Effect of inflation pressure on the constitutive response of coated woven fabrics used in airbeams

Jean Paul Kabche, Michael L. Peterson, William G. Davids

Research output: Contribution to journalArticlepeer-review

22 Scopus citations


Textile fabrics have gained considerable attention as reinforcement for inflatable structures. A natural challenge arising from their implementation is the proper characterization of their constitutive behavior, which involves complex inter-tow contact interactions under different loading conditions, and the effect of inflation pressure on the fabric stiffness. This paper presents an experimental investigation aimed to independently quantify the effective constitutive properties of coated, woven textile fabrics used as reinforcement for pressurized fabric tubes. When used as structural members, these tubes are commonly known as airbeams. To investigate the influence of inflation pressure on the effective fabric properties, tension/torsion experiments of airbeams were performed at various inflation pressures and under various applied axial and torsional load conditions. Good test repeatability was achieved and the results showed that the effective fabric moduli increase with internal pressure. Effective constitutive properties obtained from these experiments were used as material inputs for beam finite element models to predict the load-deflection response of woven airbeams loaded in four-point bending. The FE model results correlated well with the experimental data over the full range of loading, thus demonstrating that the test method presented is well-suited to determine independent material-level fabric properties which account for the effect of inflation pressure. Additionally, tension/torsion results of braided fabric tubes tests are presented, where good repeatability of the material properties was obtained, highlighting that the test procedure can be extended to different fabric architectures.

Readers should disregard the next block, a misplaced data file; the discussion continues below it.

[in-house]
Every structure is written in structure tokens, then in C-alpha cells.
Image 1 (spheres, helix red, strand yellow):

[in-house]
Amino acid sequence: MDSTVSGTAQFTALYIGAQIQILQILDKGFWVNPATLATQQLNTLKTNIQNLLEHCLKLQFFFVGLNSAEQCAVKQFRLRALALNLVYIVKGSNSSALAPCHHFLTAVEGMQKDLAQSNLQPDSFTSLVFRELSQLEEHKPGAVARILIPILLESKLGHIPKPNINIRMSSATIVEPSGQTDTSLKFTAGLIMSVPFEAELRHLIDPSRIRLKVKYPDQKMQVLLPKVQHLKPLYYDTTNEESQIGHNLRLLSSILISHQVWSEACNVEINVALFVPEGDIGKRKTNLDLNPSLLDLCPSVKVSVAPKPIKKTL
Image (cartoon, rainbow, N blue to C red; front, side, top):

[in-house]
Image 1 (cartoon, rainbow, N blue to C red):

Original languageEnglish
Pages (from-to)526-537
Number of pages12
JournalComposites Part B: Engineering
Issue number3
StatePublished - Apr 2011

Bibliographical note

Funding Information:
The research presented in this article was conducted under contract number W911QY-05-C-0043 with the US Army Natick Soldier Systems Center. The authors express their gratitude for this financial support.

Copyright 2011 Elsevier B.V., All rights reserved.


  • A. Fabrics/textiles
  • Airbeams
  • B. Elasticity
  • D. Non-destructive testing

ASJC Scopus subject areas

  • Ceramics and Composites
  • Mechanics of Materials
  • Mechanical Engineering
  • Industrial and Manufacturing Engineering


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